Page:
My understanding of the Temas Y Variaciones video meshed together conflicting human emotions such as desire and violence, the description reads “the rupture is the only tool with which the rupture itself can be deconstructed; There is hope in the glitch.” The creator comments on postmodern capitalism, the video exemplifying super-powered corporations through the security cameras and the high demand of sex and violence that we as consumers need and get through our media intake.
This Legacy Russel reading explores the way in which people interact with sex online, in the forms of porn, sexting, G-chat, fantasy play and the split between our physical selves and our body which we immerse into these experiences.
Legacy Russel writes that “The glitch is the digital orgasm” and she describes it as a type of foreplay or tease. This can be applied I think beyond sex, any form of internet interaction that we as consumers have online is a form of pleasure and when that gets interrupted through errors it only makes it all the more pleasing when it reloads and allows for the activity to continue.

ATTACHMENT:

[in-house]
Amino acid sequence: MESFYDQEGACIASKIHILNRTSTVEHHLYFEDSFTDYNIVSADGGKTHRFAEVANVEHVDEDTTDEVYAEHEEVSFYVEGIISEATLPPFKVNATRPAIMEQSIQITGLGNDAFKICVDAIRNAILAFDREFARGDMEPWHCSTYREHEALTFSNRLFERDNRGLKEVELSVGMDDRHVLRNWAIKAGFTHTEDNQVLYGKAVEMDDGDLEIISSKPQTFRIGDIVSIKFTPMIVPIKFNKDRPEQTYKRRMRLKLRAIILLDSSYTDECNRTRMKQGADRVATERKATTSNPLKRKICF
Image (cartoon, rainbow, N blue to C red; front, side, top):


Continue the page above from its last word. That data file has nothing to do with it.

She defines Glitch Feminism as to welcome the error of the social systems, feminism may be considered an error within some communities and as such she describes error as a “much needed erratum”, we need to break away from the system because much to the dismay of many it is flawed, it does not account for everyone, it is a patriarchal system who have accounted for the female on their own terms – “digital dualism needs to be retired”.
The Chad Parkhill reading explores the queer community as a system of maximum efficiency which creates communities for queer bodies and then helps further shape these identities. He looks into the SSO who look to maximise efficiency through advertisements that appeal directly to the gay, lesbian or bisexual readers (Parkhill, 214). However, there are still errors within systems like these, Parkhill suggests that these would be the HIV+ bodies who jam the system. Judith Butler’s theory of gender performativity suggests that these queer identities come into being through “a stylized repetition of acts” (Ibid. 213).
Even within these gay communities, Parkhill suggests that there is still an element of exclusion, in the example of HIV health advertisements in SSO which are always targeted towards a white male audience and exclude the female community and the gay people of colour. He goes on to look into the images of HIV+ bodies which in SSO appear attractive and healthy, unlike the ill-looking images of mainstream media which warn people of the disease and suggests this is an attempt to combat homophobia. He notes that often publications avoid this subject all together and choose the path of least resistance and maximum efficiency. (Ibid. 221) He goes into talking about the immune system by which there is the “self” which is threatened by the “other” such as AIDS however it can become unclear on how to distinguish between the two (Ibid. 224)